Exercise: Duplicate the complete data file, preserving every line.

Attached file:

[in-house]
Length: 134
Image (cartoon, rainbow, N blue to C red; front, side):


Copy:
[in-house]
Length: 134
Image (cartoon, rainbow, N blue to C red; front, side):